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E-Discovery Revolution? Comparing Today to 1820 and 1970

Created on June 1, 2015


Solutions Consultant at Exterro

It's not uncommon when I tell people about what I do and the world of e-discovery we are immersed in (and by “we" I mean you, me, and everyone else who is in this slightly crazy legal specialty!) that I compare it to the industrial revolution. Hmmmm, I wonder if “E-Discovery Revolution" will someday catch on for what we are in the middle of!?!!?

Historians mark the industrial revolution occurring between 1820 and 1870. It spanned over 50 years. Imagine all that was learned during that time about machines and people and what could and could not be done. 50 years! From Wikipedia, I offer the following quote: “The Industrial Revolution marks a major turning point in history; almost every aspect of daily life was influenced in some way." (emphasis added)

I do not think it is a stretch to assert that e-discovery marks a major turning point in legal professional's daily life, which is influenced in some way by the changing landscape of rules, precedence, and internal business objectives. Not to mention the demands of the requesting party!  

The ninth anniversary of the FRCP's codifying e-discovery will occur later this year. As compared to the Industrial Revolution, we're still adolescents. Organizations are struggling with the who, why, when, where, what and how, just as was the case when the Industrial Revolution lead to worker injuries and no one really knew what to do.  Who was responsible for the injured worker? What were their rights?  Who paid the wages during the recovery time? And how was this all going to make sense?

Did you know that OSHA was not established until 1970? Over 100 years after the Industrial Revolution ended, there was finally a federal agency to oversee worker safety. There is still no federal Workers Compensation law per se; although many states follow OSHA guidelines in this regard. All states (except Texas – funny, huh?) have laws that companies with three or more employees must carry worker's compensation insurance. So you can see that finding uniformity for a serious business problem is very challenging; it takes a long time and Texas still may not do it (They are big and wildly independent, so it's understandable)!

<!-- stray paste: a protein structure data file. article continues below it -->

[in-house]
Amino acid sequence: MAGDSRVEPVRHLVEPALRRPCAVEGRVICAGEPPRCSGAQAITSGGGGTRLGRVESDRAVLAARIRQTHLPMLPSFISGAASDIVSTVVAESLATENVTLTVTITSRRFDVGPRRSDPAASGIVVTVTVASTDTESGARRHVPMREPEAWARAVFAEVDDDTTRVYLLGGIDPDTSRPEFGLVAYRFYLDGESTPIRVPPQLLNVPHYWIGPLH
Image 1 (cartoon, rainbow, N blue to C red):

Think about what we know now that we did not know nine years ago? Harder still, think about what we still don't know. We are in the midst of the E-Discovery Revolution and there's much to learn, understand and master.  We have to be patient with ourselves and those (such as our bosses) who are sort of along for the ride.  We have to understand the complexities of the issues through research and learning. We cannot sit back and just do the task at hand; we need to approach our daily work with curiosity of the who, why, when, where, what and how. Each of these elements influences our daily life, and in coming blog posts, I will begin to unravel each and every one.